|Published : 15 Oct 2016, 22:37:50|
On Dhaka-Beijing strategic partnership
The visit of President Xi Jinping of China to Bangladesh has been an epochal one. It has opened a new vista for further strengthening and deepening of bilateral relations between Dhaka and Beijing. The official talks between the two sides - led by President Xi and Prime Minister Sheikh Hasina - on last Friday decided to elevate China-Bangladesh relationship from a 'Closer Comprehensive Partnership of Cooperation' to a 'Strategic Partnership of Cooperation'. This is the most important outcome of the visit by the Chinese head of state to Dhaka. This partnership is purported to working together 'towards socio-economic advancement' of the peoples of the two countries.
As the world's second largest economy, China has now emerged as a mighty global economic power. As such, the strategic partnership with China offers Bangladesh, now a low middle-income country, a unique opportunity to count on Beijing's support, cooperation and collaboration in key areas. This may go a long way towards attaining Bangladesh's goal of becoming a knowledge-based middle-income country by 2021 and eventually a developed country by 2041.
The visit of President Xi Jinping to Bangladesh has given a new impetus to institutionalising bilateral cooperation. The signing of 27 agreements and memoranda of understanding (MoUs) of cooperation bears this out. The areas of cooperation will cover, among others, trade and investment, blue economy, Bangladesh-China-India-Myanmar-Economic Corridor (BCIM-EC), roads and bridges, railways, power, maritime, affairs, ICT, industrial production capacity building and skill development.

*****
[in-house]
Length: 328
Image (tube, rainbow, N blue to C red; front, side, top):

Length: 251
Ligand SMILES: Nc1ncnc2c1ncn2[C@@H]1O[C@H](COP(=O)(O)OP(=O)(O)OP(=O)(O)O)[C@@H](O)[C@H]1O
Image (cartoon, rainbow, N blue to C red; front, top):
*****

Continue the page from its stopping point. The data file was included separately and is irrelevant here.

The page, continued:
The volume of investment that will be involved in execution of all such programmes is huge. Now that the framework for all-round cooperation has been delineated and agreed upon, all concerned will expect that effective follow-up actions will be taken in right earnest to move forward the process as expeditiously as possible. Both Beijing and Dhaka have demonstrated their clear and strong will to work together as partners 'with trust and support to each other'. Translating the will and commitment of two countries into actions will now be the most challenging task. This can certainly be accomplished through unrelenting efforts by both sides. The fact that the two sides have now agreed to designate the year 2017 as the year of 'exchange and friendship' between Bangladesh and China, lends a strong urgency to do all the needful pro-actively.
Strong bilateral relationship between China and Bangladesh can be a game changer in South Asia and South-East Asia. This can be a positive factor for promoting peace, stability and development for the well-being of the peoples in the region at large. Bangladesh has ardently been pursuing the policy of 'friendship to all and malice to none'. China is equally strongly committed to peace, security, stability and development in the region, nay the world at large, largely reflecting its new responsibilities as an emerging global power. Thus there is no scope for any misgivings about their 'strategic partnership'. Rather, it should encourage concerted actions by all the countries in the wider region in this part of the world to make coordinated efforts for forging connectivity in a win-win situation for all.